Oil of oregano (Origanum vulgare) has been used historically for many different health problems ranging from intestinal parasites to colds and flu, earaches, skin conditions such as acne and psoriasis, gum disease and varicose veins. And that’s only a short list of the various indications for which it has been recommended and for which it is heavily promoted on the Internet. (You should be aware that the oregano from which oil is extracted isn’t the same species as the familiar culinary herb.)
The best evidence we have on oil of oregano’s healing properties suggests that taking 200 mg three times a day for six weeks can help eradicate certain parasites in the intestines, specifically Blastocystis hominis, Entamoeba hartmanni, and Endolimax nana. If you have abdominal symptoms, you need to be tested to determine whether or not they are caused by parasites (and which ones), so there’s no point in taking oil of oregano until you know what the problem is.
Unfortunately, beyond that, we have little scientific evidence for the effectiveness of oil of oregano for the many conditions for which it is recommended. While laboratory studies have found that it has some antioxidant, antimicrobial, antifungal, antiviral, and antispasmodic properties, we have no human studies of these effects.
An investigation from Georgetown University, presented at the annual meeting of the American College of Nutrition in October 2001, found that oregano oil and its component, caravacrol, worked as well as standard antibiotics to inhibit the growth of staphylococcus bacteria in test tubes and in mice. And a 2013 review from a team of researchers at Johns Hopkins noted that many essential oils (not just oil of oregano) might possess “significant antimicrobial activity against a wide range of microorganisms” and might prove useful as replacements for antibiotics given the continued emergence of antibiotic resistance. The authors concluded that with antibiotic resistance outpacing research and development to find new drugs, “humanity is facing a return to the ‘pre-antibiotic era’” and suggested that the remedies of the past “combined with scientific study may provide the antibiotics of tomorrow.”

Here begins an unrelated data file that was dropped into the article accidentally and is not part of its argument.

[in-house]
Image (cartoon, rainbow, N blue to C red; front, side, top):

Today, however, I urge you to view claims about the healing properties of oregano oil skeptically. If you decide to try it, do not ingest it. When buying it, make sure that it is diluted in a carrier oil. Read directions carefully if you need to dilute it yourself, and never put undiluted oil on your skin.
You can use a few drops of oil of oregano as part of steam inhalation therapy for sinus infections. Apart from that, I don’t recommend it.
Andrew Weil, M.D.
Natural Medicine Comprehensive Database, Consumer Version, webmd.com/vitamins-supplements/ingredientmono-644-OREGANO.aspx?activeIngredientId=644&activeIngredientName=OREGANO&source=0
Nicholas A. Boire et al, “Essential Oils and Future Antibiotics: New Weapons against Emerging ‘Superbugs’?” Journal of Infectious Diseases and Preventive Medicine, June 3, 2013, doi: 10.4172/2329-8731.1000105